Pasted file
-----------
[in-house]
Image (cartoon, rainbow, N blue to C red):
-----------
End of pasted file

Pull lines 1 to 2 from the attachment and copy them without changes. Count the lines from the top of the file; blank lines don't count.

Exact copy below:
[in-house]
Image (cartoon, rainbow, N blue to C red):